The above guidelines are general.  Specific airline policy for a particular airline may indicate otherwise.  Likewise, there is considerable latitude to how the aircraft is flown, whether it be manually or with part of full automation selected.

LEFT:  Qantas Airways departs Queenstown, New Zealand.


It is very easy to become confused during the takeoff phase - especially in relation to automation, V speeds and how and when to change from TOGA to MCP speed.  The takeoff phase occurs quickly, and there is a lot to do and quite a bit to remember - there is little time to consult a manual or cheat sheet. 

One way to gain a little extra time during the takeoff transition, is to select an appropriate derate.  Apart from being standard practice in the real-world for many takeoffs, a derate will also help control over-pitching and high vertical speeds which are common when the aircraft is light due to minimal fuel load and cargo.

Understanding % N1

N1 is a measurement in percent of the maximum rpm, where maximum rpm is certified at the rated power output for the engine (most simple explanation).  Therefore, 100%N1 is maximum thrust while 0%N1 is no thrust.  During the initial takeoff, if the autothrottle is used, thrust (N1) is automatically selected when you engage the TOGA buttons.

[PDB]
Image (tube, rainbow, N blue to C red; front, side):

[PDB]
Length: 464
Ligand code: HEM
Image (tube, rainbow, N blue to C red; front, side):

At 80 knots the automated system will engage thrust to N1.  This will be at a percentage commensurate with the settings that have been set in the CDU (aircraft weight, climb, derate etc.). 

Important Points:

  • When the autothrottle is used, and TOGA selected as the command mode, the automated system will control the speed of the aircraft with pitch. 
  • To determine what is controlling the thrust of the aircraft, always refer to the Flight Mode Annunciations (FMA) in the PFD (Refer to Table 2 for a quick overview of annunciations during the takeoff).       

Common Practice (what to select)

It’s not the purpose of this article to rewrite the FCOM or FCTM.   Needless to say, there are several combinations that can be selected at varying stages of flight.  All are at the discretion of the pilot flying, or are stipulated as part of airline policy.

After acceleration height has been reached, the nose lowered to increase speed, and flaps retracted, it’s common practice to use LVL CHG, V/S or LNAV and VNAV. 

LNAV can be selected at, or after 50 feet.   VNAV can be selected at, or after 400 feet.

Theoretically, a crew can fly the F/D cues at V2+15/20 to the altitude set in the MCP; however, there will be no speed protection available.  If the pitch recommendation (Flight Director cues) are not followed, then airspeed may be either above or below the optimal setting.

The aircraft will remain in TOGA command mode (thrust controlled by N1)  until the altitude set in the MCP is reached, unless another mode is selected.  To deselect TOGA as the command mode, another mode such as LVL CHG, VNAV or V/S will need to be selected.  Altitude Hold (ALT HOLD) also deselects TOGA as does engaging the autopilot.